There is no major role of surgery in symptomatic MS patients as even isolated MS is a part of systemic disease that will mostly respond to chemotherapy, however excision and debulking can be considered before proceeding with chemotherapy (1,18). In our case, patient underwent debulking because of initial MRI impression suggesting schwannoma. Hematopoietic stem cell transplantation (HSCT) is another modality that never has been studied prospectively but there are several retrospective reports have shown positive outcomes (1).

Very little information is reported regarding the prognosis of isolated MS. Antic et al. reviewed data of 12 patients with isolated MS to determine possible prognostic factors based on their age, sex, type, and treatment options (19). Majority of their patient were men, with median age of 39 years old. They reported median overall survival of 13 months with event-free survival of 8 months and concluded that patients who initially received either chemotherapy or HSCT have improved event-free survival. In addition, patients who received combined treatment with both chemotherapy and HSCT had significantly longer event-free survival than those treated with chemotherapy alone (19). Imrie et al. had similar findings of longer survival in patients who treated with anti-leukemic chemotherapy and significantly fewer of these patients subsequently developed AML (20). Possibility of progression to AML in patients with isolated MS have been reported, ranging from 5 to 12 months. Therefore, patients with MS require close follow up similar to patients with AML including detailed physical exam and routine peripheral blood smear (18).

Our aim with this case report is to highlight a rare clinical entity that we encountered during our practice. Although, the initial impression on imaging was schwannoma, pathology results stated otherwise. As clinicians, it is prudent to consider this rare possibility when dealing with isolated spinal cord mass. Unfortunately, the available literature is very limited and the evidence for management is not strong.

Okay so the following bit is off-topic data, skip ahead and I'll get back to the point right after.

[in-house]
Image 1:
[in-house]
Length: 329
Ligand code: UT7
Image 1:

In conclusion, this is a rare and challenging case of isolated MS of lumbar spine. The true incidence of such tumors is underestimated and as a result remains unknown. Owing to the rarity of these types of non-leukemic MS and lack of prospective trials, the optimal therapy for such patients has not been identified. In the present case, patient received radiation therapy for symptomatic relief after discussion in multidisciplinary tumor board which is also supported by previous although limited literature. Patient’s symptoms have improved significantly, however, needs close follow up for any worsening in which case he would need more intense therapy including chemotherapy.


Funding: None.


Reporting Checklist: The authors have completed the CARE reporting checklist. Available at

Conflicts of Interest: All authors have completed the ICMJE uniform disclosure form (available at The authors have no conflicts of interest to declare.

Ethical Statement: The authors are accountable for all aspects of the work in ensuring that questions related to the accuracy or integrity of any part of the work are appropriately investigated and resolved. All procedures performed in this study were in accordance with the ethical standards of the institutional and national research committees and with the Helsinki Declaration (as revised in 2013). A written informed consent was obtained from the patient. Kern Medical Institutional Review Board granted ethical approval to report this case (Study # 20029).

Open Access Statement: This is an Open Access article distributed in accordance with the Creative Commons Attribution-NonCommercial-NoDerivs 4.0 International License (CC BY-NC-ND 4.0), which permits the non-commercial replication and distribution of the article with the strict proviso that no changes or edits are made and the original work is properly cited (including links to both the formal publication through the relevant DOI and the license). See:


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doi: 10.21037/acr-20-110
Cite this article as: Bhandohal JS, Moosavi L, Garcia-Pacheco I, Yakoub G, Polineni RD, Cobos E. Isolated myeloid sarcoma of lumbar spine without bone marrow involvement: a rare case report and treatment dilemma. AME Case Rep 2021;5:27.